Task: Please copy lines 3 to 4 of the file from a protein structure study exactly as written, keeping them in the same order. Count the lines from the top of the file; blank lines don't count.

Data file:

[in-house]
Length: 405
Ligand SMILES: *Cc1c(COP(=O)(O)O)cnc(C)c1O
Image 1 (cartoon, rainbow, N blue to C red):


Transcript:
Ligand SMILES: *Cc1c(COP(=O)(O)O)cnc(C)c1O
Image 1 (cartoon, rainbow, N blue to C red):